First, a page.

A Pilot Watch Primer
We asked our friends at Crown & Caliber to put together a quick-reading survey of the history of watches in aviation. From the pioneering days of flight through to today, here's a guide to get you up to speed on the heritage of these watches.
egend has is it that Alberto Santos-Dumont–one of the first men to fly in a fixed-wing aircraft–was enjoying a drink with his friend and watchmaker Louis Cartier in 1906 when he first commented on his need for a watch that could be read easily while flying. His pocket watch just wouldn’t work. The wristwatch itself was already in existence by that time, mostly worn as a ladies’ fashion item, but it was the Cartier Santos, the first pilot watch for one of the fathers of aviation, that really popularized the wristwatch for the world at large.
From that point on, as flying became more widespread, so too did use of the pilot watch. And as aviation advanced, the pilot watch evolved to meet its needs.
The explosion of World War I in Europe shaped the functionality of the pilot watch as a tool for combat. Military-commissioned pocket watches for the first fighter pilots, like the Mark IV.A and Mark V, needed to be not only accurate, but also shock-resistant and easily readable in the dark. This period was the last to really utilize the pocket watch as a pilot’s tool, once the convenience and durability embodied by the progressive technology of the wristwatch became paramount in watch production.
It was Charles Lindbergh’s history-making trans-Atlantic flight in 1927 that solidified the pilot watch as key navigational tool for flight. The watch he relied on was a Longines, and when he returned, an inspired Lindbergh immediately set about developing a watch with the company that would help pilots determine their location while over the open ocean. Adapted from the nautical navigation watch, the Hour Angle watch featured a demarcated rotating bezel that allowed for the calculation of longitude, and its unique dial markings allowed a pilot to instantly tell his location by corresponding the time with the earth’s 360-degree rotation (the so-named “hour angle”).
Lindbergh was revolutionary. He proved that aeronautics would be key in bringing the world together, and his insight ensured that a well-designed watch would be instrumental in the future of aviation.
The next major moment in the evolution of the pilot watch came with the advent of World War II, when there was an increased need for a watch that could be read at a glance during day or night missions. The iconic watch of the war was the American-produced A-11, a small and simple but extremely durable and reliable pilot’s watch that saw the United States Army Air Forces through crucial events leading to an eventual Allied victory. But it was during the post-war aviation boom that the pilot watch took on the easily-identifiable, complicated characteristics seen in a lot of modern watch models as materials, money, and movement around the world flowed more freely.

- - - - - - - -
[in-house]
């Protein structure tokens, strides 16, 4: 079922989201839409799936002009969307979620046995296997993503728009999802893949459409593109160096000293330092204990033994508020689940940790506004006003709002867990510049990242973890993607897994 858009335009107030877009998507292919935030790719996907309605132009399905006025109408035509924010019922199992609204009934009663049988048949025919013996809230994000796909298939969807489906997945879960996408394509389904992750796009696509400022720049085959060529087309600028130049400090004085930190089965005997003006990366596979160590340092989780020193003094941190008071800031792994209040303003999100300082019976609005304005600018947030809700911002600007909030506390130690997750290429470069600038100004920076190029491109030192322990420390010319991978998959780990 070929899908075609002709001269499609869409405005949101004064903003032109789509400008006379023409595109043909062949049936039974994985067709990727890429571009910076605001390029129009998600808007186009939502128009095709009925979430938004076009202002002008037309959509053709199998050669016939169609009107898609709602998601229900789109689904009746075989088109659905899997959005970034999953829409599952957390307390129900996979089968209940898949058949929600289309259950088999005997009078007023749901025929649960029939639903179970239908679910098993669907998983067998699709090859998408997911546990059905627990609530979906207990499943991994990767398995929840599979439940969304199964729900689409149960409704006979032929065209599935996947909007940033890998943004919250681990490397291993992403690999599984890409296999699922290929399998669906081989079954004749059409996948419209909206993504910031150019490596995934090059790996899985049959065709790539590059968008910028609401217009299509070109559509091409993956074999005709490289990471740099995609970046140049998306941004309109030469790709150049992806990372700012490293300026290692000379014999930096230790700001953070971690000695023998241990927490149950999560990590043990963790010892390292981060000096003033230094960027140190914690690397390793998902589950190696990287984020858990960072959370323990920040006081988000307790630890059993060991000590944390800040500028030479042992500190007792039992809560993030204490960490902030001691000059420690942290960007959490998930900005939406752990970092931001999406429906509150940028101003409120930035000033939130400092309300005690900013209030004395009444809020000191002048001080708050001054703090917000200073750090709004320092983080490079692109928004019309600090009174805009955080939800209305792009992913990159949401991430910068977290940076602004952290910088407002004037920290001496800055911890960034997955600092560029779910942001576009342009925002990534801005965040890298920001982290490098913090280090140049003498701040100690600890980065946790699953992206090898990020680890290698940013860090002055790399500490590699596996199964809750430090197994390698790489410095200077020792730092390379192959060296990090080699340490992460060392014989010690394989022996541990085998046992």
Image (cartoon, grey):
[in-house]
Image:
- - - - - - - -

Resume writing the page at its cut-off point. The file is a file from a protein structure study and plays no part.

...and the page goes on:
So given all this innovation over the years, what is it that makes a pilot watch a pilot watch?
They’re tough, for one thing. A pilot watch is built to take a lot of knocks and keep on ticking. It needs to be able to withstand constant changes in pressure, and will contain a nonmagnetic inner mechanism so that it doesn’t lose accuracy during flight. As far as what it looks like, the answer is not so simple. For a tool that has evolved to suit various needs, the pilot watch has developed different characteristics based on what it’s used for:
Complex chronographs, like those produced by Breitling, contain not only a stopwatch feature for timekeeping, but they also feature a slide rule bezel which helps pilots to calculate speed, distance, and fuel consumption all on the wrist. Some chronographs will also have an additional flyback complication, which allows you to use the stopwatch without having to stop the chronograph – basically, if you want to reset the timer, just press a button and the seconds hand will “fly back” to zero and start again. These added complications make chronographs particularly useful for working pilots who need to measure time intervals while in flight, but also have their place in more casual use.
Then there are the very straightforward and utilitarian fliegers, based on the original B-Uhr watch produced for the German Luftwaffe in World War II, with their minimalist black dials and luminous hands and markers designed for maximum legibility and navigation. This deceptively simple design and larger dial makes the flieger a no-fuss fashion item for the modern watch wearer, whether you need to navigate in the dark or not.
And then you have the iconic dual-colored, rotating bezel watches developed for commercial pilots during the aviation age of the 1950’s and 1960’s, like the Rolex GMT Master, which introduced an easy-to-read design for telling time between multiple time zones that remains a classic look for watches even today.
Since the complex functions found in early pilot watches migrated from the wrist to the plane’s instrument panel, and given the increased sophistication in aviation technology, we don’t have as much practical need for a lot of the complications that made the pilot watch a necessity in the early and mid-20th century. But we still love the pilot watch for its historical significance, its appealing design, and the sense of adventure and possibility we feel when we wear one on our wrist. [H]
Story courtesy of Crown & Caliber